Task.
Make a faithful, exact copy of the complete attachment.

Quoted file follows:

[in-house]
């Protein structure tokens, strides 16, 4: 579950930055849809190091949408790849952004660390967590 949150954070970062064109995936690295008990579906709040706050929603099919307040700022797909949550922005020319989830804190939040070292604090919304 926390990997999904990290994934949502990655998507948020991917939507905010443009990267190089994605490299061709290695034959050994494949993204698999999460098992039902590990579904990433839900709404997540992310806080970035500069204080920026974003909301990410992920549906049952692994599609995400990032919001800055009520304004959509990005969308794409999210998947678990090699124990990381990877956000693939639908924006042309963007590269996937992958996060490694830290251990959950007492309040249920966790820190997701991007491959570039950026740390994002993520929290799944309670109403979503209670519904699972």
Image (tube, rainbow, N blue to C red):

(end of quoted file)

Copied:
[in-house]
């Protein structure tokens, strides 16, 4: 579950930055849809190091949408790849952004660390967590 949150954070970062064109995936690295008990579906709040706050929603099919307040700022797909949550922005020319989830804190939040070292604090919304 926390990997999904990290994934949502990655998507948020991917939507905010443009990267190089994605490299061709290695034959050994494949993204698999999460098992039902590990579904990433839900709404997540992310806080970035500069204080920026974003909301990410992920549906049952692994599609995400990032919001800055009520304004959509990005969308794409999210998947678990090699124990990381990877956000693939639908924006042309963007590269996937992958996060490694830290251990959950007492309040249920966790820190997701991007491959570039950026740390994002993520929290799944309670109403979503209670519904699972």
Image (tube, rainbow, N blue to C red):